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Dear friends in Oklahoma: Hope will find you

In Alabama, we have an idea of what you are going through in the Oklahoma community of Moore. We continue to recover from the tornado that destroyed much of our city, Tuscaloosa, in 2011. If there's one thing we learned, it's that hope will find you, even when you can't find it.

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Brian Mullins and his father Terry survey tornado damage to the home of Brian's girlfriend Sara Robinson, right, on May 21 in Moore, Okla., after Monday's tornado. Op-ed contributor Meredith Cummings writes, 'Moore will benefit greatly from patience even though, if you’re like me, all you want to do is snap your fingers and put things back the way they used to be.'

Steve Sisney/The Oklahoman/AP

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Dear friends in the Oklahoma community of Moore: Here in Tuscaloosa, Ala., our hearts are breaking for you. We have an idea of what you are going through, as we continue to recover from the mile-wide tornado that took 53 lives and destroyed much of our city on April 27, 2011.

Ketchup is what ultimately brought me to tears following our tornado. After days of holding back emotion and being strong for my child, I stood in what was left of my historic neighborhood, sifting through rubble, glass, and insulation at my home, which had been severely damaged.

The Red Cross came by handing out hot food. I got a hamburger – the gift of a hamburger. (You might find that everything now feels like a gift.) A friend made her slow way through the debris to my house from another part of town that was not hit by the tornado. “What can I bring you?” she texted. “Water? Food? Clothes?”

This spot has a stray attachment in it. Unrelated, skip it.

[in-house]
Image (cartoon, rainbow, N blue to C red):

“Ketchup,” I texted back. I wanted ketchup with my burger, but on barren, charred land with ruins all around me, ketchup seemed unattainable.

When she arrived with ketchup, I wept. I was overwhelmed that something so simple was now a luxury – and that I was alive to enjoy it. Just beyond my backyard, people had died. How surreal the entire experience was.

In the coming days, Moore will not want for toothbrushes, clothes, and toilet paper. Necessities will be in full supply thanks to aid organizations and the goodness and kindness of strangers. But somewhere down the road something simple will bring you to tears, and you will realize, like we have, that hope exists. You might not be able to see it, but if there is one thing we learned in Tuscaloosa, it’s that hope will find you.

Like Tuscaloosa, Moore lost major infrastructure and schools. And, like what Tuscaloosa Mayor Walt Maddox told me yesterday, “The sober reality of what is in front of them is massive.” But, he added, it can be done. We have proof.

Our tornado, like yours, struck in the late afternoon on a work day. It reached winds of nearly 200 mph. More than 5,000 structures were destroyed in our city. People flocked to help. The city, Mayor Maddox admits, was not prepared for the massive influx of volunteers. Organizing volunteers is a huge undertaking. Coordination is key. It’s a good problem to have, but logistically difficult and not to be underestimated.